Does the Russian mafia deserve the Nobel prize for economics?
It is now conventional wisdom that mafyia extortion and official corruption of every sort are inflicting much damage on the Russian economy. In a widely cited estimate, crooked officials and plain gangsters are said to have sent as much as $100 billion into their foreign bank accounts since 1990, depriving the Russian economy of much more hard currency than the sum total of post-1990 Western aid. Countless newspaper articles have profiled the unappealing beneficiaries of the new economic order, from violent thugs with platinum-blonde molls and BMWs who do their showing off in restaurants, to sleek ex-officials in Armani suits with Vienna bank accounts, Manhattan apartments and good friends in the Kremlin, who show off in New York Times interviews.
Far more numerous are the less obviously criminal and much less glamorous ‘bizness-men’ – thousands of them – who traffick in state-owned raw materials diverted for entirely private export, who help thieving state managers transfer public property to personal ownership, who collaborate with foreign adventurers to smuggle consumer goods in and weapons out, or who simply buy and sell without bothering to pay taxes. Most visitors to Russia have encountered specimens of the type in the hotel lobbies that are their favourite places of business; some earn just enough to get by from day to day while waiting for their big hit, but quite a few have become seriously rich very quickly.
There is no doubt that the pervasive criminalisation of the Russian economy imposes real costs. The purchasing power of an impoverished population is further reduced, because mafia ‘protection’ fees increase prices. Efficient private-enterprise firms suffer from the unfair competition of less efficient rivals backed by corrupt officials. And, as anywhere else, tax evasion must ultimately be offset by inflationary money-printing, or higher taxes inimical to growth. Moreover, the intense popular resentment of both gangsters and tycoons certainly threatens Russia’s economic liberalisation very directly: at the next opportunity, a majority of the electorate may decide to vote for go-slow Communists, or even hardline Stalinists – though even they could only stop further privatisations, not reverse the process.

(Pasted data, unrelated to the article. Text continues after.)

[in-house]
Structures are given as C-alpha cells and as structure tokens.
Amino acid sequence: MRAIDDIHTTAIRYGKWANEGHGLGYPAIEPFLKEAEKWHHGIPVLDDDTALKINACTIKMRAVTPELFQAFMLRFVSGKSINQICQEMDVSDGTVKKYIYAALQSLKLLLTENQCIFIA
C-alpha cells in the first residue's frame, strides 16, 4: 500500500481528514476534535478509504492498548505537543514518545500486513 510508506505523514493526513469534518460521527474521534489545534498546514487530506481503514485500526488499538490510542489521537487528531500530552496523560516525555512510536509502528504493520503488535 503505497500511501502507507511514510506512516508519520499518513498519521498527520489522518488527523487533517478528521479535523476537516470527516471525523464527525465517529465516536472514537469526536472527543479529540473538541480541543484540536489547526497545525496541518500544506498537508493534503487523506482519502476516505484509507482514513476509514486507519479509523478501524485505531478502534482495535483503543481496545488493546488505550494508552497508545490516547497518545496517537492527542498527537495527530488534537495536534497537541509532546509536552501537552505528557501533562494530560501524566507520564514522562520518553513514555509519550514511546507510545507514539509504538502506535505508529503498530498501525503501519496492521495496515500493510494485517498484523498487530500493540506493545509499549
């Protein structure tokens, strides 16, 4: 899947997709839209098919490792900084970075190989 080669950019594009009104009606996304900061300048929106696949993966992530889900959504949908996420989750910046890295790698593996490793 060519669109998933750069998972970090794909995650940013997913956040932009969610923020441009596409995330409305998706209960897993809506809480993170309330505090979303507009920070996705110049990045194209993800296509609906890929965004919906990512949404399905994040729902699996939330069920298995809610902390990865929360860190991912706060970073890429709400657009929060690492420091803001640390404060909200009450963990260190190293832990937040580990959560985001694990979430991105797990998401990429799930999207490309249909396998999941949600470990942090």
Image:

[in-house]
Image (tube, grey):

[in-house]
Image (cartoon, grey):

The political threat is real enough, but in purely economic terms the conventional wisdom is all wrong. To begin with, it overlooks the natural evolution of the capitalist animal. The fat cows that populate advanced economies – stable, highly capitalised firms which offer good employment, pay their taxes in full, invest in new plant, develop new technology and contribute to charities and culture – were not born as such. It was as lean and hungry wolves that they originally accumulated capital, by seizing profitable market opportunities – often by killing off competitors in ways that today’s anti-monopoly commissions would not tolerate – and by cutting costs in every way possible, not excluding all the tax avoidance they could get away with. But when countries and their economies undergo truly drastic transformations, as Germany, Italy and Japan did because of the destructions of World War Two, and as Russia is now doing, conditions are too harsh even for wolves. Only ruthless hyenas can survive and prosper in the chaos: by trafficking in whatever can be profitably sold, legally or otherwise; by buying up valuable real estate for pennies from desperate owners or corrupt officials; by the improvised manufacture of sub-standard products for deprived consumers; or by the simple theft of abandoned, semi-abandoned, or just poorly guarded property.